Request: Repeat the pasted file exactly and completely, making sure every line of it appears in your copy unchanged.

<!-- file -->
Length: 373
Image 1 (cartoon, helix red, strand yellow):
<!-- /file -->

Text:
Length: 373
Image 1 (cartoon, helix red, strand yellow):